Evil or Live Episode 2: Could There Be One Nice Character In This Story?

Review:

This week we move away from the instructors and their deliberate acts of cruelty (though they do get one fairly ominous looking scene) and instead we focus on the cruelty that people can inflict upon one another once they start forming packs and seem to have absolutely zero empathy. It wouldn’t be so hard to watch except that each new character you meet seems to be more warped and twisted than the previous, to the point where for a moment I kind of thought Hibiki wasn’t so bad (then of course I remembered he’s an obnoxious little rat of a human being).

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This is certainly not comfortable viewing as we have female ‘students’ publicly groped and stripped and deals involving females sleeping with a male in order to gain access to a phone. Though one has to wonder where the instructors were during any of that and how purple hair has seemingly unlimited information access (which opens up a whole other series of issues).

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Visually this remains odd and from a story point of view, uncomfortable. Yet it is kind of like watching a train derail in slow motion so I somehow don’t think I’m going to look away just yet particularly because despite finding every character in this show so far to be hideously obnoxious, I still actually kind of want to know what happens to them (even if what happens turns out to be very bad things).

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So, not recommending this one but not dropping it either.


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Killing Stalking Chapter 13 Review

Before I get into reviewing this I want to make it clear that none of the content being reviewed in this post is suitable for children and even for adults is probably going to be confronting. Anyone who has been following the copious posts about Killing Stalking on Twitter probably already know that, but just giving everyone else fair warning.

Review:

This chapter is kind of amazing.

It is substantially longer than the previous one but all that build up comes to a head here and yet we get to the end of the chapter without anybody dying but it isn’t a let down.

If you aren’t interested in plot spoilers please stop reading now. There’s a few big ones in this review.

The police officer uses the lame excuse of a noise complaint to Sangwoo to get inside the house. We know Sangwoo doesn’t buy this. Firstly because we know that he’s stood outside and shouted for help with Bum with no concern whatsoever for anyone hearing or complaining. And in case that wasn’t enough to make the officer’s story totally suspect and for the readers to figure out that Sangwoo knew this, we get this line from Sangwoo:

“Which is why I’m so surprised you received a complaint…”

The whole scene as Sangwoo allows the officer to check the house just smacks of Sangwoo’s usual games. It’s satisfying enough but nothing spectacular and then the officer notices the missing knife.

Killing13.JPGAt this point the reader inevitably draws the conclusion that his time is short. It’s going to be brutal and its going to happen soon. We keep cutting between Sangwoo and the officer to Yoon Bum who is cowering, hands over his mouth (which is interesting in and of itself given this is potential rescue material but clearly Yoon Bum isn’t interested – unless he’s also smart enough to have figured out there’s no chance of one guy overpowering Sangwoo and is waiting a better chance).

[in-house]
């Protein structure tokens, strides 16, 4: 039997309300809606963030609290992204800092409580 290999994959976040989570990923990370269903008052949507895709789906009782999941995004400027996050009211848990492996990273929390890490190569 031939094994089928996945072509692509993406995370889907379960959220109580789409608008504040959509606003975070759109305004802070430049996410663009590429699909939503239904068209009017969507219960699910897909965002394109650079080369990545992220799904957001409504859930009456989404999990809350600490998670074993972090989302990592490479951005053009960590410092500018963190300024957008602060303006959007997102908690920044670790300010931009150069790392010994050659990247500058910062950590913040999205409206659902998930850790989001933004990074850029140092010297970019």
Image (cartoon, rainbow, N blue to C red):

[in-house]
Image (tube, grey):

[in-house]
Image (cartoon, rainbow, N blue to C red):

Then the officer does the second idiotic thing in this chapter. To delay leaving he pretends to receive a phone call. Of course he actually gets a real phone call. It all seems like death is looming.

And finally, Sangwoo leads him to the wardrobe. He’s going to open the door and then he’s going to stab the officer with the knife. But that isn’t what happens. I love being surprised by a story in an intelligent manner and not something totally random. So the officer opens the wardrobe and there is no Yoon Bum. The officer is confused. He was certain someone was in the house. He was sure the wardrobe was where they had to be. But there’s nothing. And so he leaves.

Then, and this is why I started this review with ‘this chapter is kind of amazing’, we get this expression from Sangwoo:

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That was so incredibly satisfying. For 13 chapters we’ve not seen Sangwoo even vaguely rattled. Crazy certainly, furious occasionally, smug and self-assured almost constantly, but that look… I would almost say it is worth reading the 13 chapters to this point, even if this isn’t your style of story, just for the satisfaction that this look will bring you.

Following this Sangwoo literally tears around the house, almost mirroring the path of the police officer, frantically searching. Then he runs outside and has kind of a break down and we get a weird mix of sexual desire and murderous intent. There’s also some foul language but all of this can be neatly summed up by Sangwoo’s statement:

“He actually ran away.”

Sangwoo is being hit by mixtures of betrayal, heart-break, loss of control, rage, abandonment issues, and there’s definitely some sexual tension thrown into the mix. And it shakes him hard.

Meanwhile, as a reader I’m frantically trying to put the pieces together. I know Yoon Bum hasn’t run away because the whole time the search was on we saw Yoon Bum in the closet…

Wait, no we didn’t.

We saw Yoon Bum in a small space, cowering. I assumed, as the police officer did, that he was in the wardrobe because that’s where we saw the foot through the mail slot in the door. And suddenly I get it.

It’s a very weird reunion at the end of the chapter and what, from anyone else, would sound like a marriage proposal but all and all it just means that this creepy and highly dysfunctional relationship is going to continue and now I’m really not sure what the end game is unless eventually the plan is for Sangwoo to just snap. More importantly, the officer still knows something is off. Will he come back?


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Killing Stalking Chapter 12 Review